A well-articulated company purpose can be understood and communicated by every member of the workforce— whether they sit in the C-Suite or stand on the frontline. This February, purpose expert Ashley M. Grice spoke during a TED Institute event in partnership with BCG about how employees in all tiers of a business play critical roles in championing their organization’s purpose.
Grice began by describing an early-morning Delta flight, when she pocketed a pack of almonds given out during food service. While chatting with a flight attendant, Grice said she would not have time to eat lunch that day. Upon exiting the plane, the flight attendant handed Grice a bag of 30 almond packs. In the bag was a note thanking Grice for showing the flight crew kindness. It read, in part, “a little kindness goes a long way.”
“This little note on this little napkin was purpose in action, specifically that airline’s purpose, and I know because I’d helped to articulate it over 15 years before,” said Grice, explaining how she helped Delta redefine its purpose in 2003 as part of a strategic transformation after 9/11.
“It may be that (the flight attendant) never saw that purpose line rearticulated, but no matter —she didn’t need to, because purpose was alive and well at Delta,” Grice said. “It had become muscle memory. It had become culture norm.”
Why purpose is different from your mission and your vision
Grice stressed that a company’s purpose was different from its mission — what it does every day — or its vision, which refers to where it is headed.
“Mission and vision will change with changes in leadership, corporate contacts, competitive landscape, merger and acquisition,” she said. They are temporary and can change every three to five years.
“But purpose is your ‘why’ — it is found at the intersection of who you are at your very best and the role in the world that you are meant to play.”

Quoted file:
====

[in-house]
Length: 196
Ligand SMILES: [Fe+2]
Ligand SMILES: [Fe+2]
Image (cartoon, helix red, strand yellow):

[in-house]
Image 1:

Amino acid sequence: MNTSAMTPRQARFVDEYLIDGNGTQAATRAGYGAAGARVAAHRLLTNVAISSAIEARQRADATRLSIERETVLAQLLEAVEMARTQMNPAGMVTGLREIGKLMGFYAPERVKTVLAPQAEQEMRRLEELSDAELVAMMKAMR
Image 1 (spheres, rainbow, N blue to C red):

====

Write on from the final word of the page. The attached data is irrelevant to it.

Communicating purpose should be uncomfortable
While many studies connect purpose to business value, Grice acknowledged how efforts to increase performance, employee engagement, retention and higher levels of productivity come back to a belief that those companies are communicating their purpose authentically. An organization’s purpose is commonly considered as authentic when it is rooted in an ethos, relevant to all audiences and consistent with your values.
“I tell CEOs that they must be critical in excavating purpose from the inside out,” Grice said. “Purpose is uncomfortable. It should be, because you are introducing a tension between idealism and realism: Who you want to be and who you are capable of being today, and in the future, based on competencies and ethos.”
Executive, manager and frontline employee roles in communicating purpose
Grice also broke down the role of executives, middle managers and frontline employees in communicating and championing their organization’s purpose.
“Purpose at the C-Suite level should be a unifying construct that brings together mission and vision and influences your strategic agenda,” said Grice, adding that it should inform how CEOs think about redefining metrics for success and how they can stay accountable.
“Purpose at the middle-management level is about much-needed clarity and authority,” she continued. “The middle-management layer of any organization is often the most difficult to motivate because they have so many different stakeholders to please. But by bringing clarity with purpose-driven expectations and guardrails, it allows middle-managers to understand which battles to pick and that the micro-decisions they make on a daily basis affect the company as a whole.”
Grice added that communicating purpose to frontline employees properly lets them know that they are seen. “When purpose is excavated and executed top floor to shop floor, those on the shop floor understand that their work matters and how it adds up to the overall value for the company.”